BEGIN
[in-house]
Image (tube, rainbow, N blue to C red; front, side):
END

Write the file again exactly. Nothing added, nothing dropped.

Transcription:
[in-house]
Image (tube, rainbow, N blue to C red; front, side):